SUBSPECIALTY NEWS: Results for combination therapy for DME, FDA asks for information on Xipere, Depo-Medrol retinal toxicity, and more.


Oxurion Combo Has Mixed Results in DME

Anti-PIGF shows potential in 2 subsets.

■ Oxurion reported top-line data from a phase 2a study evaluating THR-317, a humanized antibody against placental growth factor (PlGF), in combination with ranibizumab for the treatment of diabetic macular edema (DME). The randomized, multicenter study evaluated the safety and efficacy of 3 monthly intravitreal injections of THR-317 and ranibizumab in subjects with center-involved DME. The combination of ranibizumab and sham was used as a control. Seventy patients were enrolled in the study.

At month 3, no improvement was observed in mean BCVA (the primary endpoint of the study) with the combination therapy when compared to ranibizumab monotherapy in the overall population. As measured by the Early Treatment of Diabetic Retinopathy Study standardized eye chart, the combination therapy achieved an increase of 8.71 letters vs an increase of 8.18 letters for the monotherapy arm.

The combination therapy did show a certain improvement at month 3 in mean BCVA in 2 prespecified patient subgroups. In patients with poor or no response to prior anti-VEGF, a mean increase of 8.08 letters was observed for the combination therapy vs 6.43 letters increase for ranibizumab monotherapy. In patients with baseline BCVA ≤65 letters, a mean increase of 11.14 letters was observed for the combination therapy vs 8.88 letters for ranibizumab monotherapy.

FDA Wants More Information on Clearside’s Xipere

Setback vacates possible October approval.

■ Clearside Biomedical experienced a setback on August 22 when the US Food and Drug Administration (FDA) requested information aimed at validating the enhanced manufacturing process for Xipere, the company’s corticosteroid therapy for macular edema associated with uveitis. The request will cause a delay to its original Prescription Drug User Fee Act (PDUFA) date of October 19 and may affect the company’s planned efforts to attract a partner for the drug.

The FDA’s Office of Pharmaceutical Quality (OPQ) requested that Clearside provide stability data for the triamcinolone acetonide (TA) suspension produced using an enhanced manufacturing process implemented by the company. The formulation of the TA suspension has not changed; however, OPQ requested the data to verify the comparability of the stability profiles of the batches made with the enhanced manufacturing process with that of the batches originally submitted as part of the NDA. The requested data do not relate to or affect the company’s suprachoroidal microinjector platform.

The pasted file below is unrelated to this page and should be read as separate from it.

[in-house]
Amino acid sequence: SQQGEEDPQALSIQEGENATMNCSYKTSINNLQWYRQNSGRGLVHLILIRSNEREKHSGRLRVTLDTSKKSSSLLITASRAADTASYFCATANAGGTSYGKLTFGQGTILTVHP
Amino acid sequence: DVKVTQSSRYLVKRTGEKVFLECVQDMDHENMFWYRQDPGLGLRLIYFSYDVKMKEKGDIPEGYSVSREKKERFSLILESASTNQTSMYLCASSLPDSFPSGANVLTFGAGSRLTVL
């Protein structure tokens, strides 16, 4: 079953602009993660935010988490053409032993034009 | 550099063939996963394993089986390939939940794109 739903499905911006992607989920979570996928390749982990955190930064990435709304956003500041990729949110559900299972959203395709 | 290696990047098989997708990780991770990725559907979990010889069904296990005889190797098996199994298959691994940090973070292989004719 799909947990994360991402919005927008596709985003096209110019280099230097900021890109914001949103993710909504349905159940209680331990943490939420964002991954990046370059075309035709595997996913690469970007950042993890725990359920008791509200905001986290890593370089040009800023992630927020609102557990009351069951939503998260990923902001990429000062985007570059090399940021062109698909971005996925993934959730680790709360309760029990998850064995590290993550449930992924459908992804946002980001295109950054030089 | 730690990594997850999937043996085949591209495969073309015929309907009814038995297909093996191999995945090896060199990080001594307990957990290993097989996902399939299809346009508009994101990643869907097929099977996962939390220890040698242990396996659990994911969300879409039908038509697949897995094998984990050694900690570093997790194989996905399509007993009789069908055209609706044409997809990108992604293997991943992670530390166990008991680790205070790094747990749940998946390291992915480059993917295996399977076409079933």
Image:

As a result of the request, Clearside expects to receive a Complete Response Letter from the FDA that vacates the original PDUFA date. The company plans to resubmit the NDA in the first quarter of 2020 with the requested stability data.

“After a productive meeting with the FDA, the agency has provided clear guidance on the Chemistry, Manufacturing, and Controls (CMC) data to be included in the NDA resubmission,” stated George Lasezkay, PharmD, JD, Clearside CEO. “We believe this is primarily a timing issue since our stability data from previously manufactured batches have been consistent and predictable, and we have every reason to believe this will continue to be the case. We will complete these efforts as quickly as possible as we work towards approval of Xipere as a potential treatment option for patients suffering from uveitic macular edema. Discussions with potential Xipere outlicensing partners remain ongoing. We continue to expect that we will have sufficient resources to fund operations into the third quarter of 2020, without relying on any partnership-related payments that we might gain through Xipere partnering or R&D collaboration agreements.”

Depo-Medrol Causes Toxicity to the Retina

Do not mistake it for another product.

■ Depo-Medrol (Pfizer) is a formulation of methylprednisolone acetate approved by the FDA for the treatment of sympathetic ophthalmia, temporal arteritis, uveitis, and ocular inflammatory conditions unresponsive to topical corticosteroids. However, it has been proven extremely toxic to the retina if injected into the vitreous.

Unfortunately, Depo-Medrol packaging and appearance is similar to Kenalog (Bristol-Myers Squibb) and Triesence (Alcon), which are commonly used for the treatment of inflammatory disorders, for macular edema, and to improve visualization during vitreoretinal surgery. These similarities can lead to Depo-Medrol being mistakenly or incidentally used with the potential for great harm.

An article available with open access full text in the journal Ophthalmology by Michael D. Ober, MD, and colleagues from the ophthalmology department at Henry Ford Hospital in Detroit, Michigan, cites 15 published case reports documenting accidental injection of Depo-Medrol into the vitreous, causing retinal damage. The authors also describe a case in which an ophthalmologist used Depo-Medrol during complicated cataract surgery to stain for vitreous in the anterior chamber following a torn posterior capsule. A retinal consultation 2 months after surgery confirmed a whitened atrophic macula. Spectral-domain OCT found central macular thinning with loss of all retinal layers in the central macula while fluorescein angiography confirmed infarction of the macula.

The toxicity is caused by the preservative myristyl-γ-picolinium chloride in Depo-Medrol. The authors advise that if Depo-Medrol is injected accidentally, prone positioning of the patient should be initiated immediately to limit contact of myristyl-γ-picolinium with the retina. Emergent pars plana vitrectomy has been advocated to remove Depo-Medrol after accidental injection to avoid retinal necrosis, but poor visual outcomes may still result. The authors believe that, at minimum, Depo-Medrol should carry a warning against intraocular use and different packaging to distinguish it from triamcinolone.